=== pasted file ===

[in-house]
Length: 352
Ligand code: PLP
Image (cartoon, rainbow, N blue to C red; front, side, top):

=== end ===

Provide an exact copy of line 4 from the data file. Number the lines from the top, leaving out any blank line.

Image (cartoon, rainbow, N blue to C red; front, side, top):